The opening of a new flagship store in St Helens helped food surplus retailer Company Shop post a double-digit increase in profits
Pre-tax profits rose 23% to £2.3m in the year ended 30 September 2018, and turnover rose 11% to reach £37.9m, reflecting “underlying growth” and contribution from two new stores – St Helens, Merseyside, and Washington, Tyne & Wear.
The 10,000 sq ft St Helens store alone has redistributed than 5.5 million surplus food and household items in its first year, according to the retailer.
“Our 2017/2018 figures reflect a strong year,” said FD John Kitson, “enabling us to serve more members, redistribute more surplus, and return £16.5m to our industry partners for their stock in the 2018 calendar year alone.”
A new ‘chill to freeze’ initiative – where chilled products are frozen and then redistributed – also contributed to growth after “wide support” from retail partners.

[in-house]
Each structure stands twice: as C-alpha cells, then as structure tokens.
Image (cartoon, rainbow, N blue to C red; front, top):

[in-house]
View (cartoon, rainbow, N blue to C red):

The retailer, founded in 1985, plans further expansion to its store estate this year, with two new sites scheduled to open later this summer and in the early autumn.
“Looking forward we are committed to delivering on our ambitious growth plans,” the accounts stated. “All of these plans will be consistent with our vision of driving sustainable financial, social and environmental benefits for our industries, communities and planet.”
The for-profit business buys and sells surplus stock from retailers and manufacturers, which would have otherwise gone to waste, passing on discounts to its members.
It now looks to further expand its retail offer with the inclusion of a “broader range” of food and household products.
During the year, the company continued to support its social enterprise arm, Community Shop, donating £467k, a rise of almost 20% on the year before. Community Shop sets up food stores stocked from surplus in deprived areas selling at heavily discounted rates.
Through its estate of six stores, Company Shop handled over 70 million units of surplus food in 2018, with savings of £45m for its members helping “hard-working families to stretch their budgets further”.
However, the business noted that at least a further 205k tonnes of waste could be redistributed, as it aims to grow the number of products handled from “securing harder-to-reach stock from higher up the supply